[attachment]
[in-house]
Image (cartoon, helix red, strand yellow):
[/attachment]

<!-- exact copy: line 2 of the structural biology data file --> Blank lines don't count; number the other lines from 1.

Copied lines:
Image (cartoon, helix red, strand yellow):